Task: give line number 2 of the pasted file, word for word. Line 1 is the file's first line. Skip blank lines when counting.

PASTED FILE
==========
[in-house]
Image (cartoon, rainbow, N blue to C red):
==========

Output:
Image (cartoon, rainbow, N blue to C red):